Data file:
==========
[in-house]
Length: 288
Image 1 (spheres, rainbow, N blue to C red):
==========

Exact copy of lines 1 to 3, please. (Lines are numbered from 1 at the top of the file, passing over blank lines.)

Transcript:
[in-house]
Length: 288
Image 1 (spheres, rainbow, N blue to C red):